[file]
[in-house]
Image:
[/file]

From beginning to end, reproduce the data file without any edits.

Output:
[in-house]
Image: